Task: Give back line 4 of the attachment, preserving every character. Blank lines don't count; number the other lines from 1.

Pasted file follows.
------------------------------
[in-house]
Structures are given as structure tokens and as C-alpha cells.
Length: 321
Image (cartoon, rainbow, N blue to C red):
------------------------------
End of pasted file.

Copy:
Image (cartoon, rainbow, N blue to C red):